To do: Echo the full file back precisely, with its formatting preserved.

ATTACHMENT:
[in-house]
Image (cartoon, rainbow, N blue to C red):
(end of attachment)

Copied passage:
[in-house]
Image (cartoon, rainbow, N blue to C red):